SOCHI, Russia --Sometimes you go to an arena to witness justice, and Tuesday brought a chance to see outstanding justice.
Tuesday brought the speed skating race so long, so laborious and so Herculean that after a while you wonder why they don't just stop going around and skate on outdoors and continue, with the caveat that there's no ice here.
Tuesday brought the men's 10,000 meters, and while that might not mean much to most, that meant time to rectify one of the most galling moments in Olympic history, the Vancouver outcome still residing in memory yet even worse than you recollected once you reread the events.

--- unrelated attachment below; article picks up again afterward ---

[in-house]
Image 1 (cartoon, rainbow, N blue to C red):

Back then, on Feb. 23, 2010, Sven Kramer skated toward resounding victory in the 10,000. He slaughtered the field. He smiled hugely over his gold at the finish. He noticed his girlfriend in the stands with her head strangely buried.
Within moments, he flung his goggles, stomped the ice.
On the 17th of the 25 laps, the Dutch stalwart had gone to change to the outside lane properly. His coach had looked up, thought his star skater in error and directed him inside. Kramer had thought the coach possibly errant, looked back at the other skater in his pair, noticed that skater on the inside and reckoned that skater probably still had to change.
That skater already had changed.
The coach, Gerard Kemkers, fervently directed Kramer inside just before the deadline marker. With 6.7 of the 16 million Dutch watching on TV, the winner of the 10,000-meters world championship in 2007, 2008 and 2009 stayed inside and managed to skate the final eight laps both oblivious and disqualified.